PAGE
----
A volcano also has its own anatomy that its eruptions follow. At the bottom of it, way down underneath the surface of the earth, there is the ‘magma chamber’ which is like a pool where magmas are stored or remain accumulated. It is, rather, a reservoir of magma. When the Volcanoes erupt, the magma travels to the surface of the earth through a canal known as ‘vent or pipe’. The vent then opens up at a bowl shaped opening known as ‘crater’ from where the magma explodes and turns into lava. The lava then flows down the sides of the crater and forms ‘volcanic cone’, which is the outer part of volcano whereas the solidified fragments in the lava explode as clouds of ash. The steams, gases and magma also divert its flow from the main vent and form ‘side vents’. The secondary (side) vents through which steam and gases explode are known as ‘fumeroles’ and in some of the side vents the magma gets solidified and forms dykes, sill and laccoliths. Dykes follow the straight path of the side vent, vertical to the layer of the rocks, sills are parallel to the existing rock-layers and laccoliths are the solidified magma that have been injected between two rock-layers and is connected to a dyke.

Which are the famous Volcanoes?

There are more than 10,000 identified Volcanoes out of which nearly 500 are active. Some of the most famous Volcanoes are:\

  • Muana Loa of Hawaii: It is not only the highest volcano but also the highest mountain in the world. It has its roots on the seabed and it stands for 10,200 meters.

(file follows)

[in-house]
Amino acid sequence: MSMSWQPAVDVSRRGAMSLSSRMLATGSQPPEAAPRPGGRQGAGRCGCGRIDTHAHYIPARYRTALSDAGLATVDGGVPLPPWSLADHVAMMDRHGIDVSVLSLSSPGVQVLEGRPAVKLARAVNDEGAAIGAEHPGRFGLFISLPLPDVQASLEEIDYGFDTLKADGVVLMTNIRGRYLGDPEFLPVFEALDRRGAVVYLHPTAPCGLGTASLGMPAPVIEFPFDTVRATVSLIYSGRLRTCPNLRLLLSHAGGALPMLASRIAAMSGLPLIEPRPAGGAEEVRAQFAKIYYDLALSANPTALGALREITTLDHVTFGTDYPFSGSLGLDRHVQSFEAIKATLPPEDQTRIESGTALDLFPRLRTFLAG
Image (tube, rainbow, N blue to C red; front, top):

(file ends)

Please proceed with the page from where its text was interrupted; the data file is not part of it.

• Cotopaxi of Ecuador: It is the highest active volcano with a height of 5,911 meters above the sea level. Since 1738, it has had 50 eruptions. Its last eruption happened in 1904.

  • Kilauea of Hawaii: It is the most active volcano and it has been continuously erupting since 1983 at a rate of 5 cubic meters per second.

  • Stromboli of Italy: It is known as ‘Lighthouse of the Mediterranean’ for its continuous mild eruptions ever since the Roman times. Thus, it is the most active volcano in the history.

  • Tambora of Indonesia: The eruption of Tambora in 1815 had killed the maximum number of people ever killed by any volcanic eruption. Ten thousand people were directly killed by the eruption and another 82,000 died of starvation and diseases that followed.

  • Krakatau of Indonesia: The Krakatau eruption of 1883 has been recorded as the greatest explosion for it destroyed most of the island of Sundra Strait and also created a tsunami killing 36,000 people on the neighbouring islands.

What are the major destructions caused by volcanic eruptions?

There are some of the major volcanic eruptions that not only killed people but also destroyed towns, cities and even civilisations. Some of them are:

  • The volcanic explosion of the Greek island, Santorini in 1626 B.C. destroyed the Minoan civilisation of Crete. The eruption had ash cloud that reached for 37 kilometres creating a tsunami of 50 meters.

  • The Vesuvius eruption of 79 A.D. had the city of Pompeii in Italy buried 3 meters under the ashes from the eruption. Poisonous sulphur from the eruption had also killed nearly 2000 people.

  • The towns of San Juan Parangaricutiro and Paricutin were devastated as the Paricurin eruption in Mexico in 1943-1944 buried the towns under the lava.

  • The Nyirangongo eruption in January 2002 damaged 14 villages of D.R. Congo. Twelve thousand families were homeless and around 500,000 people had to evacuate their houses in the city of Goma.